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Prediction of Patient Setup Errors and Errors in the Calibration Curve From Prompt Gamma Proton Range Measurements

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J Albert

j albert1*, R Labarbe2 , E Sterpin3 , J Lee4 , B Macq5 , (1) Universite catholic de Louvain, Louvain-la-neuve, Belgium, (2) Universite catholique de Louvain, Louvain-la-neuve, Belgium, (3) Universite catholique de Louvain, Woluwe-saint-lambert, Brussles, (4) Universite catholique de Louvain, Woluwe-saint-lambert, Brussels, (5) Universite catholique de Louvain, Louvain-la-neuve,


SU-F-J-65 (Sunday, July 31, 2016) 3:00 PM - 6:00 PM Room: Exhibit Hall

Purpose:To understand the extent to which the prompt gamma camera measurements can be used to predict the residual proton range due to setup errors and errors in the calibration curve.

Methods:We generated ten variations on a default calibration curve (CC) and ten corresponding range maps (RM). Starting with the default RM, we chose a square array of Ν beamlets, which were then rotated by a random angle θ and shifted by a random vector s. We added a 5% distal Gaussian noise to each beamlet in order to introduce discrepancies that exist between the ranges predicted from the prompt gamma measurements and those simulated with Monte Carlo algorithms. For each RM, s, θ, along with an offset u in the CC, were optimized using a simple Euclidian distance between the default ranges and the ranges produced by the given RM.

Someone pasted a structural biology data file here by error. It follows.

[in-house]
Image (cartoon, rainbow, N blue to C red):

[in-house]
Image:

Results:The application of our method lead to the maximal overrange of 2.0mm and underrange of 0.6mm on average. Compared to the situations where s, θ, and u were ignored, these values were larger: 2.1mm and 4.3mm. In order to quantify the need for setup error corrections, we also performed computations in which u was corrected for, but s and θ were not. This yielded: 3.2mm and 3.2mm. The average computation time for 170 beamlets was 65 seconds.

Conclusion:These results emphasize the necessity to correct for setup errors and the errors in the calibration curve. The simplicity and speed of our method makes it a good candidate for being implemented as a tool for in-room adaptive therapy. This work also demonstrates that the Prompt gamma range measurements can indeed be useful in the effort to reduce range errors. Given these results, and barring further refinements, this approach is a promising step towards an adaptive proton radiotherapy.

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